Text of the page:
Citation: 2022 LiveLaw (Mad) 345
The Madras High Court recently dismissed a petition filed to stop the construction of sand quarries at three villages of Nagapattinam District after observing that the same was filed without bonafide.
The bench of Chief Justice Munishwar Nath Bhandari and Justice Bharatha Chakravarthy held that the petitioner, who himself had a criminal track record under the Mines and Minerals (Development and Regulation) Act, had failed to ascertain facts regarding the quarry leases granted to the respondents before filing the writ petition.
Case Title: M/s. Chennai Water Desalination Ltd. versus Chennai Metropolitan Water Supply and Sewerage Board (CMWSSB)
Citation: 2022 Livelaw (Mad) 346
The Madras High Court has ruled that limitation is a facet of public policy, and hence, an arbitral award which is incorrect qua limitation is hit by Section 34(2)(b)(ii), read with Clause (ii) of Explanation 1 to Section 34(2)(b)(ii) of the Arbitration and Conciliation Act, 1996 (A&C Act).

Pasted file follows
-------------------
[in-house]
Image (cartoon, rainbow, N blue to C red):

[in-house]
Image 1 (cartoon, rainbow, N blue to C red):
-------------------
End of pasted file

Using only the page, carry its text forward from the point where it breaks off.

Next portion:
The Single Bench of Justice M. Sundar held that, in view of the principle laid down by the Supreme Court in Voltas Limited versus Rolta India Limited (2014), if the counter claimant before an Arbitral Tribunal has invoked the arbitration clause, then, the date of such invocation would be the relevant date to decide the limitation period for raising the counter claim. Hence, the Court ruled that the view of the Arbitral Tribunal that the counter claim raised by the party was barred by limitation, by referring to the date on which it had filed the counter claim before the Tribunal, was incorrect.
Case Title: TJ Gnanavel and another v. The State and another
Citation: 2022 LiveLaw (Mad) 347
The Madras High Court on Thursday quashed criminal proceedings against cine actor Suriya and director TJ Gnanavel for allegedly hurting the sentiments of the Vanniyar community in his movie Jai Bhim.